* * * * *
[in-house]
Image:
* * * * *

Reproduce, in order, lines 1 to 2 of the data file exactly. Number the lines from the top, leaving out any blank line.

[in-house]
Image: